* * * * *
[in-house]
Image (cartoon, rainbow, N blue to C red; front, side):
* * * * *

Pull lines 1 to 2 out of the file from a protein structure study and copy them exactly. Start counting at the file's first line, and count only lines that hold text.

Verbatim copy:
[in-house]
Image (cartoon, rainbow, N blue to C red; front, side):